Sukrut Mondkar: Black hole complementarity from microstate models: encoding quantum information inside black holes

The black hole complementarity principle is a conjectured solution to the black hole information loss paradox. In this talk, we will explore how the complementarity principle can emerge in a way that is consistent with quantum information theory via explicit microscopic models that preserve unitarity and a local semi-classical description of the black hole horizon. In particular, we will consider simple toy models where simple quantum systems are coupled to a black hole and show how the initial state of the quantum system is encoded both into the late-time quantum trajectory of the quantum system as well as the late-time (non-linear) ringdown of the black hole. Such models provide insights into how information can be encoded in the interior and exterior of black holes without encountering paradoxes.

Elizaveta Safonova: Intensity statistics inside an open wave-chaotic cavity with broken time-reversal invariance

Using the supersymmetric method of random matrix theory within the Heidelberg approach framework we provide statistical description of stationary intensity sampled in locations inside an open wave-chaotic cavity, assuming that the time-reversal invariance inside the cavity is fully broken. In particular, we show that when incoming waves are fed via a finite number M of open channels the probability density P(I) for the single-point intensity I decays as a powerlaw for large intensities: P(I) ∼ I −(M+2), provided there is no internal losses. This behaviour is in marked difference with the Rayleigh law P(I) ∼ exp(−I/I) which turns out to be valid only in the limit M → ∞. We also find the joint probability density of intensities I1, . . . , IL in L > 1 observation points, and then extract the corresponding statistics for the maximal intensity in the observation pattern. For L → ∞ the resulting limiting extreme value statistics (EVS) turns out to be different from the classical EVS distributions.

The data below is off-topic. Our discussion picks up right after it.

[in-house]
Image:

Sergej Moroz: Quantum dynamics at a Kramers-Wannier dual interface

I will present our on-going work on quantum time evolution after a local quench at an interface between paramagnetic and ferromagnetic regions of a transverse field Isingmodel. The two regions are related by the Kramers-Wannier duality and thus support elementary excitations with the same energy dispersion but different physical nature. For open chain geometry a novel symmetry appears, a combination of the Kramers-Wannier transformation and a reflection, which squares to the Ising Z_2 symmetry. I will also present our first numerical results of time evolution at the interface.

Ryan Weller: Fun with large N

Large-N quantum field theories are a playground for doing non-perturbative physics. Certain large-N theories turn out to be asymptotically free in d=4 and have features like bound states, just like quantum chromodynamics (QCD) and Yang–Mills theories. Their asymptotic freedom is connected to their apparent non-Hermiticity. However, when coupled with an antilinear symmetry, in many cases referred to as PT symmetry, this non-Hermicity does not prevent such theories from having real, bounded spectra and a notion of unitarity. It’s possible to calculate equations of state, phase diagrams, and transport coefficients like shear viscosity η/s in these theories. I will talk in particular about the O(N) model, which is relevant to Higgs physics when N=4. I’ll discuss the phase structure at large N. There is a first-order phase transition at finite temperature, which has implications for cosmology. In particular, the stable vacuum is not the spontaneous symmetry broken (SSB) vacuum, as is otherwise assumed in the Standard Model of particle physics. I’ll demonstrate how one can generate “mass from nothing”, without SSB, when a massless Higgs field is coupled to a U(1) Abelian gauge field. Lastly, I’ll briefly talk about how large-N techniques in the O(N) model are analogous to a method for non-perturbative analytical calculations in QCD and Yang–Mills theories, via so-called Rn resummation methods. This analogy might allow a study of the phase structure, transport coefficients, and confinement in QCD and Yang–Mills, with applications to the quark–gluon plasma and neutron stars.